MRSA – No longer just a hospital bug
Why this is important for professionals and patients alike
Methicillin-resistant staphylococcus aureus (MRSA), or Golden Staph, as it is more commonly referred to has long been thought of as the “infection you catch in hospital”. It is an antibiotic resistant form of staph (hence the category of ‘superbug’) that colonises in the skin, respiratory tract or urinary tract. It is generally spread via skin to skin contact, cuts, and contaminated surfaces – hence why it has primarily been localised to hospitals - until recently. While most people who carry the bacteria can do so without ever showing any symptoms, others suffer the extreme with the ability of MRSA to cause catastrophic life changing injuries of even death.
The Australian Commission on Safety and Quality in Healthcare has listed MRSA as one of twelve bacterial families that is important to monitor due to the “significant impact” they can have on one’s health. Whilst a national antimicrobial resistance strategy has been developed to help combat the incidence and impact of MRSA in the hospital setting, recent findings have shown that community onset MRSA, that is contracting MRSA from outside the hospital environment, is becoming more prevalent and a greater risk, with a decreased chance of standard antibiotics being effective and longer treatment duration (Cameron et al, 2019).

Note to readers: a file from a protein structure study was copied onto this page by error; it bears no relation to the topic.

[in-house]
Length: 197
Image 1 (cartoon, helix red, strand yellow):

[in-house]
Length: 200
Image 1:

Cameron et al (2019) are the first to collate data in Australia specifically on the community onset of MRSA. The results showed critical and inconsistent underreporting, as well as stark regional differences in the incidence of infection, with the highest rate of incidence in areas at socioeconomic disadvantage.
What is the significance for a health, beauty or massage clinic and their patients?
Essentially, there is now a greater risk of MRSA reaching the surfaces in a private clinic than before. No longer is the ‘super-bug’ within a controlled environment of the hospital setting, nor is it the only place where utmost hygiene is required to prevent and reduce transmission. Considering half the population carrying the virus is asymptomatic, one will never know what each client will bring into the clinic room. The rapid spread of Coronavirus and its status as ‘pandemic’ clearly demonstrates how quickly bacteria can transmit – not just person to person, but across entire continents. It is unsurprising that studies have found that MRSA is more likely to be found on objects that have not been cleaned, due to its known ability to survive on inanimate surfaces for long periods of this time. What these findings highlight is that not only is hygiene and diligence important in the healthcare setting, but also where there is a high turnover of clientele that come into contact with a shared surface – ie the therapy bed.
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